The majority of the book is set in the town of Stoneguard and although the town sounded a bit suffocating it also sounded as if the people of the town would do anything for one of their own and I liked the community feel. And as Liza spends more time there, she, too, learns that Stoneguard might not be as terrible as she remembers it. Yes Ma Gamble was a nosy parker, but the majority of those who live in the town were really great. I particularly loved those who worked at Ice Cream Haven, the ice-cream company the Haven family built up. My biggest worry for the book would be how it all ended - how can a person impersonating another person really come out of it OK? - but I was impressed with the ending. It wasn't rushed and it didn't seem convenient, and I liked that. I loved how the book was about finding yourself but more importantly finding your way home. Cohen has hit a total winner with her novel and I can't wait to see what comes next!
Help other customers find the most helpful reviews 
Was this review helpful to you? Yes No


3 of 3 people found the following review helpful
5.0 out of 5 stars Getting away with it, 22 Aug 2011
By 
D. Jones (Warwickshire) - See all my reviews
(No. 1 Hall OF FAME REVIEWER)    (TOP 50 REVIEWER)    (REAL NAME)   
Verified Purchase(What is this?)
This book starts off by introducing us to Liza, a film stunt double. From the sounds of it she leads an exciting life but she just doesn't seem to be fulfilled. This leads her to push herself taking a stupid risk which has a disastrous consequence for her health and livelihood.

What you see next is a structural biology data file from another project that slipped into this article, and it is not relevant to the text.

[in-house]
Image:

Liza grew up in a small village where everyone knew everyone else's business. As the story evolves we find out about her twin sister, Lee, from whom she has grown apart. We find out about her motivations for leaving the village and about her difficult relationship with her mother.

Because of her accident, Liza is forced to return to the UK and through a series of events she ends up stepping into the shoes and life of her twin sister. No one, except for her mother, realises that Liza is not Lee. Throughout the story events unfold which cause Liza to question her previous assumptions about her childhood, the village in which she grew up and more importantly her complex relationship with her mother.

The story is beautifully written and once started is very difficult to put back down. The characters are very believable and you find yourself really wanting Liza to work through the emotional baggage that she has carried with her throughout her life.

The book also touches on some of the difficulties and frustrations of living and dealing with someone who is suffering from Alzheimers. I felt that this was approached in a sensitive manner and it gave a brief insight into what life must be like for those who care for someone with this disease.

I did wonder how things would pan out at the end when Lee returned to claim her life back and thought that this could be the undoing of the book. However, this wasn't the case and Julie Cohen successfully tied up the loose ends whilst making it feel very believable.

I would highly recommend this book to anyone who loves chick lits that have a little bit more depth and substance.
Help other customers find the most helpful reviews 
Was this review helpful to you? Yes No


2 of 2 people found the following review helpful